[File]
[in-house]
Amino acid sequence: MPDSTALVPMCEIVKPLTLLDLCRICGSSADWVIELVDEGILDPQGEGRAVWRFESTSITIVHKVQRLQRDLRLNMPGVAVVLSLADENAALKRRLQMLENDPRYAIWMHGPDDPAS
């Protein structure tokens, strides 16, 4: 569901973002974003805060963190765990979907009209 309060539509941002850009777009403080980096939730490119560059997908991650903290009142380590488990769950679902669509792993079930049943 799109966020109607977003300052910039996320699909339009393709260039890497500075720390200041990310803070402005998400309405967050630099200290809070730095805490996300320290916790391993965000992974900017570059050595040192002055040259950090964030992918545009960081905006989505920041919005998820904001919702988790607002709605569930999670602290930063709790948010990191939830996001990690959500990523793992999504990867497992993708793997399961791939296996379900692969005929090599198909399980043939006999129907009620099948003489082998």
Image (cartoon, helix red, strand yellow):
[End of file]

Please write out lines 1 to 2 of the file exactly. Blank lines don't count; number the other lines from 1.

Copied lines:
[in-house]
Amino acid sequence: MPDSTALVPMCEIVKPLTLLDLCRICGSSADWVIELVDEGILDPQGEGRAVWRFESTSITIVHKVQRLQRDLRLNMPGVAVVLSLADENAALKRRLQMLENDPRYAIWMHGPDDPAS